Aerion’s Dr. Richard Tracy on the biggest challenge for supersonic air travel

What do you think is the biggest challenge for supersonic air travel? Technical issues? Making the financials work? Dr. Richard Tracy, senior vice president & chief technology officer, Aerion, gave us his take.

Concorde was retired in 2003 but the idea of supsersonic travel has never quite left our imaginations. Although many are still cynical about whether the significant obstacles can be overcome, the race is on to make commercial supersonic air travel a reality again by the 2020s. Companies such as Boom, Lockheed Martin, Spike Aerospace and Aerion are all in the running.

Aerion recently announced that it will be working with GE Aviation on an engine for its AS2 supersonic business jet. This is a milestone and a step forward for the programme. Aerion has set a target of certifying the AS2 in 2021 and placing it into service in 2023.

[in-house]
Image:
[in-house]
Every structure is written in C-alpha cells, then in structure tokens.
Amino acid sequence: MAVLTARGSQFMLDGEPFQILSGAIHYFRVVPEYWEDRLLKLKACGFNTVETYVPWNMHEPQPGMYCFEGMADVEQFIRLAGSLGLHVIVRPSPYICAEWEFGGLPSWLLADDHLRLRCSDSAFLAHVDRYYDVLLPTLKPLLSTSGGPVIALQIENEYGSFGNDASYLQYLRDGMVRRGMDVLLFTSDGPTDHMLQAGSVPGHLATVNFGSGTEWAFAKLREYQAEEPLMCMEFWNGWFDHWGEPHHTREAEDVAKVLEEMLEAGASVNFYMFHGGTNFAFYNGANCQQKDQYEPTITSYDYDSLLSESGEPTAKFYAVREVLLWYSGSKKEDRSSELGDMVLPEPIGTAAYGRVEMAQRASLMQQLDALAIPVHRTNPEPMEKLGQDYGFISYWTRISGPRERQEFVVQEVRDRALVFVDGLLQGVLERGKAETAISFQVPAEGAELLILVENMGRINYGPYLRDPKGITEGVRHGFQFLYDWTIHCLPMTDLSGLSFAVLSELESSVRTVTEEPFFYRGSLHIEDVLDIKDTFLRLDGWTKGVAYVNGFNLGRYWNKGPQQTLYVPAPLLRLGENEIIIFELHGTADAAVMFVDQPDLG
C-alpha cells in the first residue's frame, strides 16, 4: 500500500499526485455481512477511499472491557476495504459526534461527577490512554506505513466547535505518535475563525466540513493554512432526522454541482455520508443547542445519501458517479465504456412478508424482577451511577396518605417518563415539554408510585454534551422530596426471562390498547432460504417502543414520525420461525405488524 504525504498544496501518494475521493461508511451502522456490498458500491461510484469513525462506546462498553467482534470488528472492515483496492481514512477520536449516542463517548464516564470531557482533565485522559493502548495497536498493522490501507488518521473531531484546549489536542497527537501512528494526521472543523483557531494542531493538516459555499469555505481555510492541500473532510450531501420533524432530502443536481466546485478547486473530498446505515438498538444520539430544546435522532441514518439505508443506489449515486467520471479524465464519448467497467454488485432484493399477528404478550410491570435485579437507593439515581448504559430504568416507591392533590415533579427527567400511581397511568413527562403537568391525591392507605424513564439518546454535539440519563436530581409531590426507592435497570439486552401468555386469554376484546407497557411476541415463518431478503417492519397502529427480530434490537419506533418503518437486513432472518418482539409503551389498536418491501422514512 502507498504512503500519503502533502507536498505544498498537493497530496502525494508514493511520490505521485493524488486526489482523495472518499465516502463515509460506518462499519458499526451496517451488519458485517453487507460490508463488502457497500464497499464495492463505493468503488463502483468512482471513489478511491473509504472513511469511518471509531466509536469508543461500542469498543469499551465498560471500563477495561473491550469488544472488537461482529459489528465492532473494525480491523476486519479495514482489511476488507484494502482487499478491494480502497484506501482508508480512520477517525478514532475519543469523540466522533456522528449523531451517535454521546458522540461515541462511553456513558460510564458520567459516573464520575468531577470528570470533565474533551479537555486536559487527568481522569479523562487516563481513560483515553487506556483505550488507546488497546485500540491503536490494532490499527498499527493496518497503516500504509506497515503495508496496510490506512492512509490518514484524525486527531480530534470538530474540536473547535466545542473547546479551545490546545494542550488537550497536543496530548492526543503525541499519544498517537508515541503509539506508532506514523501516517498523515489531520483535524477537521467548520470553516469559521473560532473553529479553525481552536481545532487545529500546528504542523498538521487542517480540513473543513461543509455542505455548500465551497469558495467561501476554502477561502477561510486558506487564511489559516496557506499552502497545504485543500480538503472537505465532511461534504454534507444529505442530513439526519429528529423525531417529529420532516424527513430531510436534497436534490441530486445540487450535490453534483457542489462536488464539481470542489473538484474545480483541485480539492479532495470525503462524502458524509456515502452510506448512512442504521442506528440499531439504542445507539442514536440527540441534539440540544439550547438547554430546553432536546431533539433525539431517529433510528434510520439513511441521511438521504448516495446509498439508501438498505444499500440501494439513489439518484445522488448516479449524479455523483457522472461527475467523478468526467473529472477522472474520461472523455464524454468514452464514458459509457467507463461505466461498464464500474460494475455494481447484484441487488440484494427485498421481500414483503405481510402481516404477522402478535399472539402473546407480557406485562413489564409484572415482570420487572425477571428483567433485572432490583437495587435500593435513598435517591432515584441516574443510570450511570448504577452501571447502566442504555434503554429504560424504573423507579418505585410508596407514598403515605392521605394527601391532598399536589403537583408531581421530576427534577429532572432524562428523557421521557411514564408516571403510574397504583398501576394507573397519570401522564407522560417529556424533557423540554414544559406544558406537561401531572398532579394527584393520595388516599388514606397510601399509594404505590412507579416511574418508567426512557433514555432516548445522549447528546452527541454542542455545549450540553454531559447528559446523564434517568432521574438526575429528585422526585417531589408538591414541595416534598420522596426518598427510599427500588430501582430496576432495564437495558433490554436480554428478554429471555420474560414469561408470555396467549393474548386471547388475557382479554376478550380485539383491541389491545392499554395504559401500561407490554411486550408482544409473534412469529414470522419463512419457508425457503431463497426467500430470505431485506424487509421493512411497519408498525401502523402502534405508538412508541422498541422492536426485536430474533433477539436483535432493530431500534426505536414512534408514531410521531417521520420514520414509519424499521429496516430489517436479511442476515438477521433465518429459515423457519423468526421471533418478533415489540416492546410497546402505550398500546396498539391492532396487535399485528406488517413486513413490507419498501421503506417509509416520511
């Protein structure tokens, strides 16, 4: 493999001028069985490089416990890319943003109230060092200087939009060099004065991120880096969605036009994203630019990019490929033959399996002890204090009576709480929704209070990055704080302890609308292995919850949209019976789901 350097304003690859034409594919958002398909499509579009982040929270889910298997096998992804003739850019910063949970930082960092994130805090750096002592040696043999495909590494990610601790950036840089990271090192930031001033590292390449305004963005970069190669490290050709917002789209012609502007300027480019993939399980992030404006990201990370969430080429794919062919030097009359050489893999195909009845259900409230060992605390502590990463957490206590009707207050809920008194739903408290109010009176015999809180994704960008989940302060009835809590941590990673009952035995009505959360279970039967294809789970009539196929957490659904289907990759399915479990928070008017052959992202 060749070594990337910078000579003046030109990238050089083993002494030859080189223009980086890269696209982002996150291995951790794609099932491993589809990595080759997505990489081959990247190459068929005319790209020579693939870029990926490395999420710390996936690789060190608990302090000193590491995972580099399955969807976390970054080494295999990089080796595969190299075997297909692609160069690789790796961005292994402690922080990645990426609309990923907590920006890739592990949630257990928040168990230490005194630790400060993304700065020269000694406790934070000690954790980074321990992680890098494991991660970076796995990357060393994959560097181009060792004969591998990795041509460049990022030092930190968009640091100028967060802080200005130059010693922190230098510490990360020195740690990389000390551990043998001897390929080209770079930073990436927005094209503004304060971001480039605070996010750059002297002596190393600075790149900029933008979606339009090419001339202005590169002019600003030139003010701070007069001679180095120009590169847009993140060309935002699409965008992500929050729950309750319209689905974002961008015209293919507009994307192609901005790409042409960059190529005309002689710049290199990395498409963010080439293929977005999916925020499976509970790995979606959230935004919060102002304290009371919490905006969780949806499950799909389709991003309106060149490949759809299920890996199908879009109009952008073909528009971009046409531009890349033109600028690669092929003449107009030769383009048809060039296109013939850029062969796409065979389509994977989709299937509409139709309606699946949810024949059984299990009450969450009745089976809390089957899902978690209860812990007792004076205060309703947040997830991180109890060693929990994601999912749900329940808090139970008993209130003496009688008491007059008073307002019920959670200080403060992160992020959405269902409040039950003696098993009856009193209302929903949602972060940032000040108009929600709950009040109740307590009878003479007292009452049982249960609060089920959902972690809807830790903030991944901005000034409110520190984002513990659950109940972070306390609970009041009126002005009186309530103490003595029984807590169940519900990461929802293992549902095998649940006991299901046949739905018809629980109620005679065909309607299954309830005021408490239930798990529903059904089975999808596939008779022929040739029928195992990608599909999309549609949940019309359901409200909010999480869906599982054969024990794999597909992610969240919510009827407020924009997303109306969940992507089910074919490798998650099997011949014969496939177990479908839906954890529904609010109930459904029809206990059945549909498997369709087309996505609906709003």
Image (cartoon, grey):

I’m quite confident that we will see supersonic air travel again, certainly if we have anything to say about it.

By Dr. Richard Tracy, senior vice president & chief technology officer, Aerion

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